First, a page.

Pinkerton v. United States, 328 US 640 (1946)

Case Name: Pinkerton v. United States
Citation: 328 US 640 (1946)

Facts: Defendant, Daniel Pinkerton, was convicted on substantive counts that his brother, Walter committed through conspiracy. The crimes were for violations of the Internal Revenue Code (“dealing in whiskey” according to the dissent). Walter committed many of the crimes when Daniel was in prison.

State’s argument: Daniel Pinkerton can be found guilty on the substantive counts if it was found at the time of the offenses, both defendants were parties to an unlawful conspiracy and the substantive offenses were in fact committed in furtherance of it.

Defendant’s argument: In addition to evidence that the offense was committed in furtherance of the conspiracy, the state must introduce evidence of direct participation in the commission of the substantive offense or other evidence from which participation might fairly be inferred was necessary.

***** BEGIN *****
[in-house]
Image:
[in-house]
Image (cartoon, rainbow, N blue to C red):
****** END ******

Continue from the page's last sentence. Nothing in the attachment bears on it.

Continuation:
Reasoning: Pinkerton joined in the unlawful scheme and there was no evidence that he had disavowed or defeated the purpose of the conspiracy.

Dissent: There was no evidence that Daniel participated in, aided or abetted Water in committing the substantive crimes. Also, if the court requires an action by the defendant to show withdrawal from the conspiracy, shouldn’t going to prison be enough?

 

Pinkerton doctrine: A defendant who is guilty of conspiring to commit one offense may be convicted of other offenses that his co-conspirators commit in furtherance of the conspiracy, as long as those other offenses are reasonably foreseeable consequences of the conspiratorial agreement.

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